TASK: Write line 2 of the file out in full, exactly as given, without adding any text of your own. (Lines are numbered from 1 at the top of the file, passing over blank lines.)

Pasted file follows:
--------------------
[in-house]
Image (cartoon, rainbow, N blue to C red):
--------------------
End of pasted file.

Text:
Image (cartoon, rainbow, N blue to C red):